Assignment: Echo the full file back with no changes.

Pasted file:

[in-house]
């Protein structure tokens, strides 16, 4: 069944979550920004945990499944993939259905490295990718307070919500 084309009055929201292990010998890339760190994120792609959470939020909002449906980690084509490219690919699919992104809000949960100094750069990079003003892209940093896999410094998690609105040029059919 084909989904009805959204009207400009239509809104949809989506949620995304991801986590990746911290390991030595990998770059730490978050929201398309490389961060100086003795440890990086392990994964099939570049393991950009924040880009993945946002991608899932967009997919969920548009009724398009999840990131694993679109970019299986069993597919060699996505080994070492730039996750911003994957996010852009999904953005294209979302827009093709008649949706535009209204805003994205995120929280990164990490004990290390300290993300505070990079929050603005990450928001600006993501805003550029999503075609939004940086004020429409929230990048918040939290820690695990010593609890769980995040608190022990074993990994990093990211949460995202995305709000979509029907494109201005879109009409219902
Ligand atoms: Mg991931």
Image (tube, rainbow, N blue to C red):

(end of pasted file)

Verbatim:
[in-house]
């Protein structure tokens, strides 16, 4: 069944979550920004945990499944993939259905490295990718307070919500 084309009055929201292990010998890339760190994120792609959470939020909002449906980690084509490219690919699919992104809000949960100094750069990079003003892209940093896999410094998690609105040029059919 084909989904009805959204009207400009239509809104949809989506949620995304991801986590990746911290390991030595990998770059730490978050929201398309490389961060100086003795440890990086392990994964099939570049393991950009924040880009993945946002991608899932967009997919969920548009009724398009999840990131694993679109970019299986069993597919060699996505080994070492730039996750911003994957996010852009999904953005294209979302827009093709008649949706535009209204805003994205995120929280990164990490004990290390300290993300505070990079929050603005990450928001600006993501805003550029999503075609939004940086004020429409929230990048918040939290820690695990010593609890769980995040608190022990074993990994990093990211949460995202995305709000979509029907494109201005879109009409219902
Ligand atoms: Mg991931």
Image (tube, rainbow, N blue to C red):